The third manifestation is the exclusion of Hodeida and the Tihama federal region — Hodeida, Hajjah, Mahwit, and Raimah governorates, which together account for nearly one-fifth of Yemen’s population, or more than 6 million people — from Prime Minister Maeen Abdul Malik Saeed’s cabinet. This would have been unprecedented even during Saleh’s time and is an indisputable sign of the declining representation of Tihamis across state institutions, as well as deepening marginalization.

Moving forward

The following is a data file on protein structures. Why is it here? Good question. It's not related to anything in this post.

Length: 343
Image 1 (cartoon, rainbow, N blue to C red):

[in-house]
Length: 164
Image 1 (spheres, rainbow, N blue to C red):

It is clear that the grievances of the Tihami cause have continued to grow during the war, but to address this the region must develop a unified leadership to gain a seat at the table. This could be a council of social forces from across the spectrum, rather than a single leader, under which come political, military, social, and media instruments. The factions that advocate for the reversal of grievances — regardless of their political affiliation — could convene an overreaching conference and make up one united front to aid the Tihami cause, echoing the Hadramawt Conference model. Politically, the formation of an overarching umbrella — whether a leadership council or a political office — could allow local forces to engage with regional and international parties, including organizations. To amplify their presence, Tihama’s elites and grassroots must establish a discourse to message internal and external audiences, increase public awareness of the century-old grievances, and celebrate the beauty of Tihami Yemeni identity. A high-level Tihami figure told MEI that “a media discourse is needed to unite, not divide people.” For the Tihamis to gradually reclaim their role in Yemen’s domestic landscape, they must adopt new tactics and a more assertive approach, given that no political party or regime has been willing to acknowledge Tihami grievances.